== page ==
KIA’S Mondeo-sized Optima is the most ambitious car the South Korean brand has yet tried to bring us.
New from the ground up and with a distinctive trademark ‘Tiger Nose’ front grille, this is a contender that European and Japanese brands are going to have to take seriously.
The shape is certainly striking, thanks to the influence of former Audi designer Peter Schreyer who joined Kia four years ago. Put this Optima alongside an old Magentis and the two cars are clearly from different eras.
This, clearly, is no mere overhaul of an ageing model. The goal for Kia has been to inject some passion into cars that have a solid reputation for reliability and value-for-money.
If you can judge a book by its cover, then the prospects here in that score seem promising.
It’s one thing of course to make a car look sharp: another entirely to make it drive that way.
Here, the roadgoing experience benefits not just from a wider, longer platform, but also from the weight-saving bodyshell which uses high tensile steels for strength and torsional rigidity.
The diesel option is taken care of with the 1.7-litre VGT (Variable Geometry Turbocharger) unit which puts out 134bhp and develops 330Nm of torque – or as much as 160bhp if that’s not enough.
There’s also a 2.0-litre four cylinder CVVL (variable valve lift) petrol unit which delivers 168bhp and 196Nm of torque.
Diesel and petrol options are available with either a six-speed manual gearbox or six-speed auto.
The fresh looks clothe an entirely new platform under the skin. Wider and longer than the Magentis it replaces with a raked roof line, an aggressive nose and a sleek profile, the Optima sits closer to the ground for a more purposeful, sportier stance.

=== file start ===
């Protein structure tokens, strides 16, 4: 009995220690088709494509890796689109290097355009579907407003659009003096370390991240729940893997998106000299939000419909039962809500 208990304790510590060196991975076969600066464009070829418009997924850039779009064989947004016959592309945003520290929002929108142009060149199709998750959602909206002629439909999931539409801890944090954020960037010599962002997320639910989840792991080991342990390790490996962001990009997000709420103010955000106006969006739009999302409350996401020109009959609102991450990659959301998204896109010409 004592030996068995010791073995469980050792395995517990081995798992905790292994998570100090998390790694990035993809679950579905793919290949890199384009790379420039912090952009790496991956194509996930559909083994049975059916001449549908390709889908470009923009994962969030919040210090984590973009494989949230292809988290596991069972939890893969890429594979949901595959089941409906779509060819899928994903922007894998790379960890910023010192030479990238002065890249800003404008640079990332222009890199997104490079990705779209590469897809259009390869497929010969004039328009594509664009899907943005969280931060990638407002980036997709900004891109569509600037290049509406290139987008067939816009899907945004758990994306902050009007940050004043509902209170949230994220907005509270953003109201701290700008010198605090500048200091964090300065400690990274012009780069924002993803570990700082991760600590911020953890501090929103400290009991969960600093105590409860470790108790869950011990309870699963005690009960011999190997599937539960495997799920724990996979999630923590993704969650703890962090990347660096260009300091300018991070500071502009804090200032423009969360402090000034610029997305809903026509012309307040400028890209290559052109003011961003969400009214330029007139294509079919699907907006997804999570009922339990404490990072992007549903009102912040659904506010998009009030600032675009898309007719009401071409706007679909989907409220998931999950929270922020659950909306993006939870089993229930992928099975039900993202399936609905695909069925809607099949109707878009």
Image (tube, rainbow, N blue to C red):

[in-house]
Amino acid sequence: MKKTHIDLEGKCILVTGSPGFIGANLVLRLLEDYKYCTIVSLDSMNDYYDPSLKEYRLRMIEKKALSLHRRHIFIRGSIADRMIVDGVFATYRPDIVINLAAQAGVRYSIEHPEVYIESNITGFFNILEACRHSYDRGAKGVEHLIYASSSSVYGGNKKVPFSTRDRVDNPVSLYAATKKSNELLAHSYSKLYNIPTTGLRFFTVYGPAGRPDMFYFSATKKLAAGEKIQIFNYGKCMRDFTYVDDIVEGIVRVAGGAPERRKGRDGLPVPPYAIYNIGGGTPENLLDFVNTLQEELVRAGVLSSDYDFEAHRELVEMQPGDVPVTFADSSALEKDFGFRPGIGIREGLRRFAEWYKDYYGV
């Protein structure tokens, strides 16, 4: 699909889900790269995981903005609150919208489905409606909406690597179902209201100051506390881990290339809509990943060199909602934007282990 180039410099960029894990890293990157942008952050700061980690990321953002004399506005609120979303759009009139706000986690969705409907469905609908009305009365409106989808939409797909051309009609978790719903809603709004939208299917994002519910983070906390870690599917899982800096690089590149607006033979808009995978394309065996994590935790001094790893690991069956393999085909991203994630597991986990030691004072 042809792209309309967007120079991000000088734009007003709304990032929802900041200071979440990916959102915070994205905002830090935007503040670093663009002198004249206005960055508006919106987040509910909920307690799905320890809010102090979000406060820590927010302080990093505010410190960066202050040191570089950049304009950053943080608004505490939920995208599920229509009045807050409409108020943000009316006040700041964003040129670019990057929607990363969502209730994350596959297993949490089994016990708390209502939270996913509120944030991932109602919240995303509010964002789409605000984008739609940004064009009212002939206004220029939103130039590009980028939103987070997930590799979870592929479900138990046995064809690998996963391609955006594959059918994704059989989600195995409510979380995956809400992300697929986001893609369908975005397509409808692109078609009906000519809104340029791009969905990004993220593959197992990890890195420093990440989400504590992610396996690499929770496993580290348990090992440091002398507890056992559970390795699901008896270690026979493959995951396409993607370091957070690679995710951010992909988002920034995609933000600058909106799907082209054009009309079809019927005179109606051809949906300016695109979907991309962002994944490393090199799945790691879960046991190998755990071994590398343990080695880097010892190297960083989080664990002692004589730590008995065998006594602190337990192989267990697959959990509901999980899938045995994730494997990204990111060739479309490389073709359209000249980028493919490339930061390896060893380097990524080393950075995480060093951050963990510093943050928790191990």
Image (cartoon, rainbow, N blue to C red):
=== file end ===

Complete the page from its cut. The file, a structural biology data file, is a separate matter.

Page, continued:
Kia hopes that the coupe looks, underscored by the sweeping chrome arc from the front windscreen A pillar to the rear window C pillar, belie the five-door flexibility of the car and create a premium image. It’ll be interesting to see whether buyers agree.
There’s quality inside too, with a driver-focused dashboard and careful choices of trim and materials.
Prices start at around £18,000, making it clear that Kia are positioning this car as much more than a just a Magentis replacement.
As for rivals, well the Mondeo/Insignia/Laguna/Passat competition that this car will be up against all suffer in comparison to the Optima when it comes to standard equipment.
Here’s a Kia to genuinely get excited about for reasons other than lengthy warranties and dependability.
It looks good, should drive well and will be practical to own. Yet it keeps all the reasons that people like this South Korean brand – high equipment, affordable pricing and back-up peace of mind.
All of this the Optima will need. Establishment brands that won’t take kindly to this Asian upstart. But they need to take this car seriously – an increasing number of thoughtful buyers certainly will.